Not only is it the day of the long-awaited Netherlands parliamentary elections, it’s also the Ides of March … which is not really a holiday, but rather a historical classification for March 15 in the Roman calendar.
Yeah, I’m a nerd.
Today I’d like to present two stories that, while covering the same topic, are extremely divergent from one another and, by virtue of that, perfectly represents the current global sentiment towards the group of people that the stories center on: Muslims.
You’re well versed on the anti-Muslim rhetoric that’s come from Donald Trump, as well as from Geert Wilders, the even more right-wing agitator who may come out on top of today’s Netherlands elections.
The strong support that’s emerged for Muslims from the political left in response to this hate speech isn’t necessarily borne out of sympathy for their religious beliefs — in fact, the Islamic doctrine and their repression towards women and homosexuals almost directly opposes liberal ideologies. But rather, Muslims have officially become a symbol for diversity and acceptance in an increasingly globalized world.
In the last two years, embracing Muslims has become akin to embracing diversity and rejecting bigotry.
And this month, Nike followed suit by introducing a Pro Hijab designed specifically for female Muslim athletes.
The increased presence of female Muslim athletes at the highest stage of international competition was highly evident at this year’s Olympics. Egypt alone sent 37 women to the Games, the most in the country’s 104-year participation in the Olympics.
And that also includes fencer Ibtihaj Muhammad, who won a bronze medal last year after becoming the first hijab-wearing American to compete at the Olympics for the United States.
So it’s nice to see a major corporation like Nike open their arms and accommodate a faction of people who have not been treated too fairly lately.
Unfortunately, that segues well into the next story, which took place on Tuesday, when the European Union’s highest court ruled that companies are within their right to ban the hijab from the workplace.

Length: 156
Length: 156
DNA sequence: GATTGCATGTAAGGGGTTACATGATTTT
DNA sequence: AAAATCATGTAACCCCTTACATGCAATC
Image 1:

On the surface this sounds extremely bigoted and discriminatory, and people are surely sharing headlines of this story by the thousands on Facebook voicing their disgust as we speak, but it’s not as bad when you read the full ruling.
The court justified its decision as a blanket ruling for all political and religious symbols, meaning that employers have legal basis to ban the hijab, as long as they’re also banning other religious attire like a Sikh turban or a Jewish kippah.
Nonetheless, it sounds like a ruling that would have been made in 1970, not 2017. And it’s not the most ominous sign on the eve of these damn Netherlands elections.
But let’s end with something a little happier.
Remember Boaty McBoatface? The name that voters chose for an exploration vessel that ultimately got rejected?
Well, it’s back, and it’s about to make its maiden voyage. Only, it’s not a boat but a yellow submarine *insert Beatles joke*.
Boaty McBoatface will begin its mission in Antarctica this week to collect data to help scientists understand how global warming affects oceans.
So not only does Boaty McBoatface exist, but it’s helping us to save the world.
So amid all the doom and gloom in this world, remember there’s a yellow beacon of hope out there for us to rely on. Literally. It’s in the form of a yellow torpedo, zipping through the depths of the Arctic Ocean.
And its name is Boaty McBoatface.
Don’t forget it.